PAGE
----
Israeli Court Orders Disclosures by Ministry

1 April 2011

By Roy Peled

Director, Movement for Freedom of Information in Israel 

The Tel-Aviv administrative court March 30 issued an important ruling, in which it ordered the Ministry of defense to release drafts that were later not adopted by the ministry, in which authors calculated what should be considered “red lines” of minimal food produce that should be allowed into the Gaza strip under the Israeli imposed closure. 

“Gisha” an NGO fighting for more freedom of movement in the occupied territories and against the closure policy, asked the Ministry of Defense to provide documents that the ministry used to determine what products would be allowed into the Gaza strip and at what quantities. (Gisha’s summary is here.

The ministry refused the FOI request, and Gisha took the case to court, with guidance and support from the Movement for Freedom of Information in Israel. After the Flotilla incident which occurred during the hearings and was followed by a significant ease of the closure policy, the ministry agreed to provide some documents, claiming that now that the policy has changed, their disclosure would no longer breach national security or foreign affairs. But it continued to refuse to provide the “red lines” document, which supposedly includes calculations of the most minimal consumption of food in Gaza that the closure policy will not cross.  

The ministry argued that these are sensitive security issues and that on such issues the relevant authorities should feel free to deliberate frankly. It went on to say that since this document was never adopted and never became part of the policy, public interest in its disclosure was low, because it is not part of any policy in reality.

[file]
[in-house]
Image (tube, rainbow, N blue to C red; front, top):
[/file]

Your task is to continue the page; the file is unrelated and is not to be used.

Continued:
Justice Ruth Ronen rejected Defense Ministry arguments. She said that the fact that the document was part of internal deliberations in itself is not sufficient to justify concealment. The state would have to show that in these specific circumstances there is a fear of a “chilling effect”. Since most of the document is calculations of data and not views of individuals, she found no basis for fear of harm to deliberations. She wrote the State failed to explain why the document is so sensitive. The fact that the document deals with a sensitive issue, wrote Justice Ronen, does not entail that the document itself is sensitive. There is definitely public interest in disclosure even if at the end of the day it was basis to no implemented policy. 

The judge went on to force the state to provide names and positions of individuals mentioned in the documents already handed to Gisha. She wrote that the documents do not contain exchange of views but procedures and authorities of the individuals, and therefore here too there is no fear of a “chilling effect”.

The ministry of defense is considering whether to appeal the case to the Supreme Court.

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